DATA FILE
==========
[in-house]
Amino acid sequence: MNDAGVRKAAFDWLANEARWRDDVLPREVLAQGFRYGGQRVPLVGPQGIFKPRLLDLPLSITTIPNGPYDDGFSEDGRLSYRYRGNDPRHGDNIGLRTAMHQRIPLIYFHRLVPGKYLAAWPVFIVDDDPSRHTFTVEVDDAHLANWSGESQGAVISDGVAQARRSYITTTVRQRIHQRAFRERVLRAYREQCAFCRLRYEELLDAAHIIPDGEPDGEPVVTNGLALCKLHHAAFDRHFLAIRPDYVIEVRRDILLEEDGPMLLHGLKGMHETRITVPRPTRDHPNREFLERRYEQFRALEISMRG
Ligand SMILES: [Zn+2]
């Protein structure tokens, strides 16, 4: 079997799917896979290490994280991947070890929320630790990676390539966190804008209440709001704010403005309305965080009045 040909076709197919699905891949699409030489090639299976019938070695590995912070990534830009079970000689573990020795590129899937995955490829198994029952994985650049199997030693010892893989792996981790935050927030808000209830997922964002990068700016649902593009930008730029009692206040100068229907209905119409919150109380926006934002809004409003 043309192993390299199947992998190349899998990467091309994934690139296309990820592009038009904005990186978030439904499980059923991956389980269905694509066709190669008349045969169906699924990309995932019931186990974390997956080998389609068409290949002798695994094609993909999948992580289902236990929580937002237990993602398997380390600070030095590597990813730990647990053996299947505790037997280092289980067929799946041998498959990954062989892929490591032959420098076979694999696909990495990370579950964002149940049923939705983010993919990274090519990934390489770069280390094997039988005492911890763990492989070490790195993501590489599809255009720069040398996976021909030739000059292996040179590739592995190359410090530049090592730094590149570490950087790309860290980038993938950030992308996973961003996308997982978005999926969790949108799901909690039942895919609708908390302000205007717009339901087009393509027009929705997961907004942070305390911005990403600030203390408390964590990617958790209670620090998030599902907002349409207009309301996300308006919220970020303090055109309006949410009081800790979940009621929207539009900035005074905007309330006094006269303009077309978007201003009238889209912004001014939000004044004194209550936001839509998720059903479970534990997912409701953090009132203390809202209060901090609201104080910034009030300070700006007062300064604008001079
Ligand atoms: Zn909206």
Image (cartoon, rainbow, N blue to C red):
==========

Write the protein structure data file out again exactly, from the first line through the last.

[in-house]
Amino acid sequence: MNDAGVRKAAFDWLANEARWRDDVLPREVLAQGFRYGGQRVPLVGPQGIFKPRLLDLPLSITTIPNGPYDDGFSEDGRLSYRYRGNDPRHGDNIGLRTAMHQRIPLIYFHRLVPGKYLAAWPVFIVDDDPSRHTFTVEVDDAHLANWSGESQGAVISDGVAQARRSYITTTVRQRIHQRAFRERVLRAYREQCAFCRLRYEELLDAAHIIPDGEPDGEPVVTNGLALCKLHHAAFDRHFLAIRPDYVIEVRRDILLEEDGPMLLHGLKGMHETRITVPRPTRDHPNREFLERRYEQFRALEISMRG
Ligand SMILES: [Zn+2]
């Protein structure tokens, strides 16, 4: 079997799917896979290490994280991947070890929320630790990676390539966190804008209440709001704010403005309305965080009045 040909076709197919699905891949699409030489090639299976019938070695590995912070990534830009079970000689573990020795590129899937995955490829198994029952994985650049199997030693010892893989792996981790935050927030808000209830997922964002990068700016649902593009930008730029009692206040100068229907209905119409919150109380926006934002809004409003 043309192993390299199947992998190349899998990467091309994934690139296309990820592009038009904005990186978030439904499980059923991956389980269905694509066709190669008349045969169906699924990309995932019931186990974390997956080998389609068409290949002798695994094609993909999948992580289902236990929580937002237990993602398997380390600070030095590597990813730990647990053996299947505790037997280092289980067929799946041998498959990954062989892929490591032959420098076979694999696909990495990370579950964002149940049923939705983010993919990274090519990934390489770069280390094997039988005492911890763990492989070490790195993501590489599809255009720069040398996976021909030739000059292996040179590739592995190359410090530049090592730094590149570490950087790309860290980038993938950030992308996973961003996308997982978005999926969790949108799901909690039942895919609708908390302000205007717009339901087009393509027009929705997961907004942070305390911005990403600030203390408390964590990617958790209670620090998030599902907002349409207009309301996300308006919220970020303090055109309006949410009081800790979940009621929207539009900035005074905007309330006094006269303009077309978007201003009238889209912004001014939000004044004194209550936001839509998720059903479970534990997912409701953090009132203390809202209060901090609201104080910034009030300070700006007062300064604008001079
Ligand atoms: Zn909206």
Image (cartoon, rainbow, N blue to C red):